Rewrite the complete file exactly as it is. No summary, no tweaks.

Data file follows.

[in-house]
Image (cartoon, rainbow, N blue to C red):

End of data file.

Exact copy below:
[in-house]
Image (cartoon, rainbow, N blue to C red):